This version is somehow worse, though the logic is probably the same. It depends a bit on the reading of “We all agree, I’m sure” and the “As everyone knows”. It might be false that we all agree, that I’m sure we do, and that everyone knows without the core argument being either unsound or invalid. None of these decorations alter the logical force or truth status of the moon/cheese argument. Yet, the second could be much worse, or, at least, irritating to me. The decorations are designed to incline us against questioning the premises. This could be good if it would be a waste of time to investigate them, or a big problem if they are in contention. They could be a problem just by triggering a lot of discussion about the truth (or appropriateness) of the decorations and thus potentially derailing the discussion.

After observing a comment exchange with a classic (to my eye) misuse of an ad hominem accusation, I was moved to ask whether there were critical reasoning classes that looked at more than good vs. fallacious arguments and took a more dialectical or even broader view. This got turned into a NewAPPS post by Ed Kazarian. There are some interested suggestions for books in the comments, and I hope to follow up on them. There is a ton of work and books on things like cognitive blindnesses, discussion, etc. but I don’t know if there’s a good text/hand book on, well, roughly, being a good (in a general sense) cognitively driven social being. Let me try an example. What’s wrong with:

If the moon is made of cheese, then its delicious.

The moon is made of cheese.

Therefore it is delicious.

If I think to my very old critical reasoning days, the diagnosis would be that this is valid but unsound with the second premise being definitely false and the first being dubious (but it might be hard to articulate exactly what’s dubious about it). But let’s compare it to:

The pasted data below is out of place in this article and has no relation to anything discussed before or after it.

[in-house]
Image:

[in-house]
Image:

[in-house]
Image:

We all agree, I’m sure, that if the moon is made of cheese,

As everyone knows, the moon is made of cheese.

Therefore it is delicious.

Consider:

Look you fatuous idiot, if the moon is made of cheese, then its delicious.
Even a monster asshole like you knows that the moon is made of cheese.
Therefore it is delicious. I also hate you and all your works.

Of course, this does not instantiate the ad hominem fallacy. Indeed, there is no attempt at refutation. There is a lot of insult and denigration in this presentation, however. The first (“Look you fatuous idiot” speaks against the intellect of the interlocutor; the second speaks against their character; and the third just expresses what we might have figured out from the first two, i.e., that the speaker has a wee touch of animosity toward the listener.
But from what I recall of a standard critical reasoning perspective, the main thing you can say about this is that it’s a bit obscure and perhaps inciting. But these things might have a dialectical or community oriented focus. They may even, perhaps, be appropriate (it at least partially depends on 1) whether it is and taken as ironic and even friendly or 2) whether the hearer “deserves” it or 3) whether the overall effect is positive).
There are clearly some dialectical considerations in standard critical reasoning disucssions. Burden of proof is a dialectical notion. But consider this (glib) presentation of the related “fallacy“:

The burden of proof lies with someone who is making a claim, and is not upon anyone else to disprove. The inability, or disinclination, to disprove a claim does not render that claim valid, nor give it any credence whatsoever. However it is important to note that we can never be certain of anything, and so we must assign value to any claim based on the available evidence, and to dismiss something on the basis that it hasn’t been proven beyond all doubt is also fallacious reasoning.

This does not take into account anything about the relative positions of the discussants, the prima facie nature of the claims, or the ways that demands might be unfair, or otherwise problematic (except to point out that demand for conclusiveness is another fallacy).

In fact, we often do earn a presumptive credibility for unsupported claims and can lose the benefit of presumptive credibility for unsupported doubts. We can get or lose these credibilities unjustly or ineffectively (e.g., many problematic uses of authority involve giving too much presumptive credibility).
I feel that a lot of the philosophising I’ve encountered (and promulgated!) is not very sensitive to important aspects of individual and joint cognition over the mid to long haul. (Lots of people have observed this, cf. for example, loads of feminist critiques, among others.)

This makes me sad. When I was a brash young philosopher major, I said to people that I liked philosophy because it was the best way to learn how to think. This is so obviously bonkers, I’m rather ashamed to have thought it. This attitude doesn’t seem that uncommon.